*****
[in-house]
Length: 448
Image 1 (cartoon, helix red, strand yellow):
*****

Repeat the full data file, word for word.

[in-house]
Length: 448
Image 1 (cartoon, helix red, strand yellow):